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What’s New in Game-based Learning – November 2021

Be-leaf it or not, the month of turkey, pumpkin pie, and cranberries galore is upon us! And with every new month comes a new installment of What’s New in Game-based Learning, a cornucopia of noteworthy news from all around the world to keep you updated on GBL while you sip that PSL. Let’s get into the news!

via Giphy

Augmented reality will let Western University students swim with sharks (The West Elgin Chronicle)

A Western University biology professor is giving students an up-close and personal look at sharks, à la “Honey I Shrunk the Kids” through augmented reality. Professor Paul Mensink is teaming up with AR platform EXAR Studios “to develop an app that will shrink students to ‘mini-size’ to explore the inside and outside of the long-persecuted basking shark.” Yep, that’s right — the inside and outside! In this app, players can be swallowed by the sharks as they observe them and then journey through their digestive systems. Students shouldn’t let that scare them, however – in addition to giving players a biology lesson, this app’s goal is to demystify the misunderstood basking shark, which is harmless to humans and much prefers munching on plankton. 

Northern uses VR simulation game to improve accessibility (RailAdvent)

A new VR simulation funded by the UK Department for Transport’s Accessibility Transport Research and Innovation Grants and developed by Connected Places Catapult is now in the testing stages! This game is designed to support people with disabilities and travel-related anxiety, making it easier for all to navigate the Northern Railway. The simulation includes “a range of characters with differing accessibility needs and provides varying journey scenarios.” The developers hope to increase public transport accessibility by using VR to raise passenger confidence and familiarity with the Northern railway station. This VR simulation is currently being tested by the Northern Accessibility User Group (NAUG), “[t]he largest pan-disability train company user group / advisory panel in the UK.”

Language Learning Game “Influent” Arrives on iOS This Month (Cinelinx)

We’ve covered Influent here on the blog before, but to recap, this 2014 vocabulary and pronunciation practice game allows players to explore fully rendered 3D environments, where the vocabulary and native pronunciation for nearly every object is accessible with the click of a mouse. This iOS app isn’t the same exact game from 2014, however – it’s gotten some substantial upgrades. Matt Malliaros, writer for Cinelinx, notes that “[t]he mobile version will feature a revamped progress tracking system, Discord integration, and Polish, Welsh, and Dutch language packs.” Previously only available on Steam, Influent was released on iOS devices on October 20, 2021. This app is free and comes with French, Korean, and Italian language packs. Additional language packs are available for purchase at $3.99 each.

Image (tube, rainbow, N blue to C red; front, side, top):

Pending video game based on First Nation’s history (The Sarnia Observer)

To address a lack of public school education on Indigenous history in Ontario, Canada, Aamjiwnaang Chief David Plain and Head of Production at the Online & Digital Education Academy, Ryan Lindsay, are working with Lambton college to create a third-person adventure game tentatively titled, “Three Fires.” The game is going to be based on Plain’s book, “The Plains of Aamjiwnaang: Our History,” and will feature historical figures from Plain’s research into his ancestry. With the game, Plain hopes to make Aamjiwnaang history more widely available to youth: “‘Not a lot of people even from our own community know the true history of how we came to be, where we came from, how we settled in this particular area,’ he said… ‘A lot of our history is oral tradition, and a lot of our youth learn by modern technology.’”

This Video Game Could Help Your Child Manage Anger and Stress (VeryWell Health)

Based on the 1978 arcade game Space Invaders, the Regulate and Gain Emotional Control (RAGE-Control) game uses biofeedback to determine a player’s emotional state and respond in real-time. The more stress the game perceives (through heart rate and other measures) the harder time a player will have with the game mechanics. This encourages players to remain calm. While researching the effects of this system, researchers found that children who played the game with biofeedback had lower heart rates than those who played it without, and “[t]heir caregivers also reported improvements in the child’s anger management and behavior.” It’s important to note that RAGE-Control didn’t necessarily reduce children’s anger, but it did increase their ability to regulate their emotions in healthy ways. Find out more about video games, emotional regulation, and biofeedback research at Mightier, a commercial program for families born out of the RAGE-Control game. 

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